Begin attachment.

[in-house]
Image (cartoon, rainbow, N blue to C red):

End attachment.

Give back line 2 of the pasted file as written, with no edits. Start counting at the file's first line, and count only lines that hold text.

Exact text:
Image (cartoon, rainbow, N blue to C red):